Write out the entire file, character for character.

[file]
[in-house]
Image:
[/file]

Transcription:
[in-house]
Image: